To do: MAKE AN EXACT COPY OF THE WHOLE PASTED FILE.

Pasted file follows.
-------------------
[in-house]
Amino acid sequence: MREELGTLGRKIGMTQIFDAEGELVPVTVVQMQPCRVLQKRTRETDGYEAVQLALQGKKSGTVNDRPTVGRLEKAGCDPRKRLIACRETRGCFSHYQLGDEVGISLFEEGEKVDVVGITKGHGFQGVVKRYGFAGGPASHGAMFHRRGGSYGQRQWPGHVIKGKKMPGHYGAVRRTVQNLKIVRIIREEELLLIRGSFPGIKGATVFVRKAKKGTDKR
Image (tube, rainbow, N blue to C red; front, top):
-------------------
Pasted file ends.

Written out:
[in-house]
Amino acid sequence: MREELGTLGRKIGMTQIFDAEGELVPVTVVQMQPCRVLQKRTRETDGYEAVQLALQGKKSGTVNDRPTVGRLEKAGCDPRKRLIACRETRGCFSHYQLGDEVGISLFEEGEKVDVVGITKGHGFQGVVKRYGFAGGPASHGAMFHRRGGSYGQRQWPGHVIKGKKMPGHYGAVRRTVQNLKIVRIIREEELLLIRGSFPGIKGATVFVRKAKKGTDKR
Image (tube, rainbow, N blue to C red; front, top):